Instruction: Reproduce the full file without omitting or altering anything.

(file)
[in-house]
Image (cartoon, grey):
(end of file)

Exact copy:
[in-house]
Image (cartoon, grey):